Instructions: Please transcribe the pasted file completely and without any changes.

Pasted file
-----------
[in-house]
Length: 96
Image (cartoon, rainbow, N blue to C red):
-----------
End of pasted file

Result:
[in-house]
Length: 96
Image (cartoon, rainbow, N blue to C red):